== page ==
It’s the gorilla in the back of the room that John Howard, Peter Costello, Kevin Rudd and Wayne Swan haven’t even noticed. And it’s not our interest rates and a possible rise next month.

The big animal being ignored is the US housing slump and the way everyone in financial markets seems to have blithely tuned out and moved on after the US Federal Reserve’s interest rate cut. The Reserve Bank has noticed it and is watching closely. It could be the only thing that stops interest rates here from rising, if the US financial markets go south again.

The RBA will keep a close eye on what the US Federal Reserve does at its meeting the week after next, especially what it says about the economy and the chances of a recession.

Some say it’s all about “decoupling”, with the world economy not as influenced by the US, as China is the big driver. In the US, “decoupling” is now taken to mean how the US economy is split, with housing a problem but not dragging to rest of the economy with it into a black hole of recession.

Well, that’s in doubt: the US housing recession is worsening, not steadying or getting better and there’s a growing feeling that if the Fed cuts interest rates at the end of this month, it will be not to save Wall Street and others, but to try and stop the rest of the economy from sliding off a cliff. And the concern is not so much for the economy as a whole, but also for a repeat of the meltdown in August and worldwide credit freeze breaking out again.

If that happens, China won’t save us, itself or any other economies.

US Federal Reserve Chairman, Ben Bernanke and US Treasury Secretary, Hank Paulson, are the two heavy hitters of US economic management, and they are in tune on the continuing danger to the country’s economic well being from an imploding housing sector. Both have gone out of their way in speeches this week to draw attention to the danger.

The Fed chairman warned on Monday night that the US housing slump will be a “significant drag” on US growth into next year, and that “this current financial stress is not likely to disappear overnight; partly it is an information problem… It is going to take a while for investors to appropriately value these assets.”

That got Wall Street fretting.

24 hours later, Hank Paulson, the US Treasury Secretary (and former senior partner of Goldman Sachs) warned that the downturn in America’s mortgage market would burden the economy “for some time”. The markets started wondering what was going on.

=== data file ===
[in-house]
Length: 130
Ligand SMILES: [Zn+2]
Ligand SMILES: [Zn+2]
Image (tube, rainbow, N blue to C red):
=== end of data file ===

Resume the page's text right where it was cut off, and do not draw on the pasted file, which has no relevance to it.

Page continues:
After all, judging by the reaction in sharemarkets, commodity prices and interest rates, the dangers from the subprime mess had gone away, that is, things had “decoupled.” The credit freeze was over, deals were being done, bonds were being sold, takeovers happening and some bank profits were not bad.

Well, overnight we had confirmation that the housing slump is deepening with new homes starts down sharply again last month. Not that it was “new” news. We have known the figures on housing starts were coming as they do every month; what surprised was the size of the fall, again.

The latest figures from the US Commerce Department suggests America’s housing slump, especially new homes, could be much deeper than thought and could become a bigger drag on the overall economy than previously feared. Housing starts fell 30% from last September and are now at their weakest level in 14 years. The report showed the pace of housing starts dropped 10% in one month to an annual rate of 1.19 million, compared to a 1.33 million rate in August.

Housing permits, which are a sign of builders’ confidence in the health of the market, slumped 7% to an annual rate of 1.23 million from 1.32 million in August. That’s lower than forecast and the lowest level of permits in 12 years: they are now off 26% from a year ago. In fact US housing starts are now half what they were at the start of 2006.

The figures also raise the prospect that if the US Federal Reserve cuts rates at its two day meeting on 30-31 October, it will be to try and avert a recession and not to relieve the stresses on Wall Street.

The US Mortgage Bankers Association said the glut of new and existing homes on the market will grow as many buyers will have difficulty obtaining loans: that will drive house sales and prices lower well into 2008, with no sign of a recovery until early 2009.

That overhang of unsold houses is huge: the US Census Bureau reported overnight that there were 180,000 completed new homes for sale at the end of August, just shy of the record 182,000 in May while the US National Association of Realtors says there were a record 4.6 million existing homes on the market at the end of August.

Get Crikey for $1 a week.

Lockdowns are over and BBQs are back! At last, we get to talk to people in real life. But conversation topics outside COVID are so thin on the ground.

Join Crikey and we’ll give you something to talk about. Get your first 12 weeks for $12 to get stories, analysis and BBQ stoppers you won’t see anywhere else.

Peter Fray
Peter Fray
Editor-in-chief of Crikey
12 weeks for just $12.